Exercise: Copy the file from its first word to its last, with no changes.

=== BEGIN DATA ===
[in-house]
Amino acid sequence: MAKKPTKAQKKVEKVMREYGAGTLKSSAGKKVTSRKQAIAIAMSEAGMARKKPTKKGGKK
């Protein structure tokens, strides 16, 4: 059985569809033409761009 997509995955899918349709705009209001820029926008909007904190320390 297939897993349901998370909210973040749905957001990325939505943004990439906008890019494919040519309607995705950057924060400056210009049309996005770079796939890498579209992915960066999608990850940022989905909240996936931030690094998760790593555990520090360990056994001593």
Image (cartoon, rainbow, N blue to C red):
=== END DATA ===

[in-house]
Amino acid sequence: MAKKPTKAQKKVEKVMREYGAGTLKSSAGKKVTSRKQAIAIAMSEAGMARKKPTKKGGKK
């Protein structure tokens, strides 16, 4: 059985569809033409761009 997509995955899918349709705009209001820029926008909007904190320390 297939897993349901998370909210973040749905957001990325939505943004990439906008890019494919040519309607995705950057924060400056210009049309996005770079796939890498579209992915960066999608990850940022989905909240996936931030690094998760790593555990520090360990056994001593």
Image (cartoon, rainbow, N blue to C red):